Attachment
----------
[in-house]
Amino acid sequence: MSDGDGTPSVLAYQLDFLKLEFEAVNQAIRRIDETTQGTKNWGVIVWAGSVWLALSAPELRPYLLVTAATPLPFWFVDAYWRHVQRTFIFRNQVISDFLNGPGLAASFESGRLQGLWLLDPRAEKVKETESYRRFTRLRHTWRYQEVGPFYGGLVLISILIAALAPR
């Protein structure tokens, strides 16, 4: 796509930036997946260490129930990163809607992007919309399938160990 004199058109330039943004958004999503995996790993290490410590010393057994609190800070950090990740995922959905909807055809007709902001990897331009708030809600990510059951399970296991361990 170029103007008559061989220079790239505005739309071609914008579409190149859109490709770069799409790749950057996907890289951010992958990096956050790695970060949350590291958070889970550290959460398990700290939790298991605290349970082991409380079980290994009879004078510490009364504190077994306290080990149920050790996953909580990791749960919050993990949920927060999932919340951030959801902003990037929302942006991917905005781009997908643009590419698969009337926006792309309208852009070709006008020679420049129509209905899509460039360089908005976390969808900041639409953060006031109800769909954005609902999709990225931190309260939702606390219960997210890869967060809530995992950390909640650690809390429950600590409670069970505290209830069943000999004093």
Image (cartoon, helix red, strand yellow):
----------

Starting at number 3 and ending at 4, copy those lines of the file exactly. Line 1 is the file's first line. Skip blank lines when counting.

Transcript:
């Protein structure tokens, strides 16, 4: 796509930036997946260490129930990163809607992007919309399938160990 004199058109330039943004958004999503995996790993290490410590010393057994609190800070950090990740995922959905909807055809007709902001990897331009708030809600990510059951399970296991361990 170029103007008559061989220079790239505005739309071609914008579409190149859109490709770069799409790749950057996907890289951010992958990096956050790695970060949350590291958070889970550290959460398990700290939790298991605290349970082991409380079980290994009879004078510490009364504190077994306290080990149920050790996953909580990791749960919050993990949920927060999932919340951030959801902003990037929302942006991917905005781009997908643009590419698969009337926006792309309208852009070709006008020679420049129509209905899509460039360089908005976390969808900041639409953060006031109800769909954005609902999709990225931190309260939702606390219960997210890869967060809530995992950390909640650690809390429950600590409670069970505290209830069943000999004093």
Image (cartoon, helix red, strand yellow):